Mars Project
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Roger Weller, geology instructor

last edited:   7/8/15

                           Water on Mars.... Where is it Hiding?

          There are no lakes on Mars.  Thousands of detailed photos of Mars have revealed no lakes.  This was expected.  The atmosphere on Mars is roughly only 1 percent of Earth's atmospheric pressure.  Under this extremely low pressure the boiling temperature of water drops almost down to its freezing point.  Water exposed to the atmosphere would quickly boil away.  Ice, another form of water when exposed to the low atmospheric pressure would sublimate; this means that ice would simply evaporate as water vapor.

          So, where could water be hiding?

          On Earth, there is water in the ground, located between mineral grains. We refer to this water as "groundwater".  In Cochise County, Arizona this is our primary source of drinking water.  The big question is, "How do we get this water out of the ground?"

          There are two concepts that we need to understand before we go after the groundwater:  POROSITY and PERMEABILITY.

          POROSITY is the measure of open space between the mineral and rock grains in the ground.  The more open space, the more room for the open space to be filled with water.
The greatest amount of open space between grains exists when the grains are all about the same size and somewhat rounded.




          Sandstone, a rock consisting of sand grains cemented together, has between 8% to 35% open space, depending upon the amount of natural cement holding the grains together.  Siltstone, a rock made of silt grains, which are finer than sand, has porosities ranging from 14% to 43%.

          Both sandstone and siltstone are common on Earth because erosion breaks down the rocks and flowing rivers or sandstorms can carry these grains away and deposit them in large quantities.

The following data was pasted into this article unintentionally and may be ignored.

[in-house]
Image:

On Mars there are no flowing rivers and there not have been away for billions of years.  The primary agent of erosion on Mars today are dust storms in which only silt-sized particles can be carried by wind in the thin atmosphere.  The material covering the ground on Mars is likely to be a layer of silt particles.  These silt particles are also lightly packed together because of the lower gravity on Mars which is about one third of Earth gravity.  All of this discussion means that there might be a high porosity in Martian soils.



          Take a clear plastic container with a wide mouth.  Fill the container half full of dry sand.  Make a water solution that is strongly colored with food dye.  Slowly pour the solution very slowly into the container of sand.  Measure how much solution the sand can store. You will be able to see the colored solution filling the spaces in the sand.

          Repeat the experiment using small pebbles instead of the sand.


              PERMEABILTY  is a measure of how easy it is for a fluid to flow through a material.  In the experiment that you just performed, did you notice how fast the water soaked into the gravel in comparison to the sand?  The open spaces in the gravel are much larger than those in the sand, so there is less friction slowing the water down.  The loose gravel is much more permeable than the sand.  On Earth, much of our groundwater comes from buried gravels and sand, because these materials have high porosity and permeability.



            On Mars we expect to find silt instead of nicely sorted sand and gravel.  Because silt grains are so much smaller than sand, friction against the flow of water will be much greater.  In other words, what we expect to find on Mars is that the silt will have a good porosity for storing water, but a low permeability for allowing the water to flow.

          Assuming that the silt on Mars is porous and permeable, there is still the problem with the low atmospheric pressure on Mars.  Water would still boil way or ice, frozen between the mineral grains, would still sublimate.  In order to store water in the ground and keep it from disappearing into the atmosphere, there needs to be a capping layer of some sort on top of wet silt that is IMPERMEABLE (will not allow water to flow through).  Currently, we do not know if such a layer might exist.

          One process that might be able for creating a cap to stop the evaporation water would be a layer of minerals were deposited from solution as mineral-rich water evaporated.  This layer would be something that Mars explorers would be looking for.  This layer would be something that Mars explorers would be looking for.